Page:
In a clear demonstration of this shift, the team has seen a restructure, with Errol Flanagan joining as Brand Innovation Director, and seven year Deepend veteran Pip Jones, being promoted to the position of Product Innovation Director.

With over 20 plus years of experience across marketing, management consultancy and teaching, Errol joins Deepend with a unique mix of experience in strategy, planning and management.  He has held significant senior roles in respected agencies from around the world, including Ogilvy Group, Leading Edge and most notably Wieden + Kennedy where he famously held the role of Nike Planning Director.

Since joining team in 2002, Pip has spearheaded Deepend’s technical direction, providing excellence in development, technical leadership and end user experience.  The promotion sees him taking on the additional responsibility of creating industry leading product innovations.

Thanks for the opportunity to spout that!

 

How do you keep hours and costs on or under budget? How do you maintain profitability on each and every project? Is it a result of project management processes, good budgeting, or initial scoping?

We rarely do. We are always adding the Deepend ‘extra 10%’ which ends up being more like the Deepend extra 50%. It’s our cost and it’s because we don’t settle for ‘good enough’.

 

What tools do you use to manage time and job tasks?

Proworkflow, Jira, Agile Zen, Internally developed software and of course trusty MS Excel.

 

Any suggestions on dealing with difficult clients?

Get some new ones. We have some really amazing clients; smart, good-fun, but most of all reasonable.

 

What’s your or the company’s biggest challenge currently?

The biggest challenge that a business like Deepend continually faces is that we continue to work at the forefront of design and technology. There are so many unknowns in our work we do but yet there is still a corporate pressure to understand costs prior to starting a work. In many cases, it’s simply not possible. We use many approaches to combat this in order to not be pushed into a position where we have to include massive contingencies for things that we can’t possibly predict.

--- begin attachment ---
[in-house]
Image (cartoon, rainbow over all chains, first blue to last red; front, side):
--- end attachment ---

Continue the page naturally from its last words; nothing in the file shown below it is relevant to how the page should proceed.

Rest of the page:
What particular skill set do you look for in your new hires?

Passion and excitement for what they do. I can pick this almost as soon as they walk through the door or the minute they start speaking. Malcolm Gladwell’s book Blink is a good read for understanding how people can do this, it’s not intuitive it’s called ‘thin-slicing’. Check it out.

 

How do you ensure that your team is performing well, and focused on the same goals? Do you have any special team activities that you do to maintain a good culture?

Culture is a complex equation that is made up of many things. We have a clear and communicated brand vision that translates at a grass roots level to “Positive Change”. All our internal initiatives are focussed toward that. A weekly pub lunch/pub grub session doesn’t go astray either.

 

 

About Claudia Sagripanti

Involved in the evolution of mobile marketing and advertising from the early years, including co-founding Mobile Marketing and Advertising Awards, founding chair of AIMIA's Mobile Industry Group, development of mobile advertising guidelines for industry as well as commercialisation strategy.